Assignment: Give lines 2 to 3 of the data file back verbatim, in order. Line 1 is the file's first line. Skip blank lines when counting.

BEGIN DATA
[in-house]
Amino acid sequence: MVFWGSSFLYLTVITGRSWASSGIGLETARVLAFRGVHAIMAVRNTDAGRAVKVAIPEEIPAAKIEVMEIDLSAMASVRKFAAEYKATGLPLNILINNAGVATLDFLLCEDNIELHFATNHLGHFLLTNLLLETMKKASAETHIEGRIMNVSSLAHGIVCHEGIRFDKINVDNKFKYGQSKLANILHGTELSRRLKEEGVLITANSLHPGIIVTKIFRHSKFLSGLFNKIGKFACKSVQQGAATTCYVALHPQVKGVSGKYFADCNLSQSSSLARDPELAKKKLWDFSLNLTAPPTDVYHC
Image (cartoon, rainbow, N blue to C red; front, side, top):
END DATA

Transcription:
Amino acid sequence: MVFWGSSFLYLTVITGRSWASSGIGLETARVLAFRGVHAIMAVRNTDAGRAVKVAIPEEIPAAKIEVMEIDLSAMASVRKFAAEYKATGLPLNILINNAGVATLDFLLCEDNIELHFATNHLGHFLLTNLLLETMKKASAETHIEGRIMNVSSLAHGIVCHEGIRFDKINVDNKFKYGQSKLANILHGTELSRRLKEEGVLITANSLHPGIIVTKIFRHSKFLSGLFNKIGKFACKSVQQGAATTCYVALHPQVKGVSGKYFADCNLSQSSSLARDPELAKKKLWDFSLNLTAPPTDVYHC
Image (cartoon, rainbow, N blue to C red; front, side, top):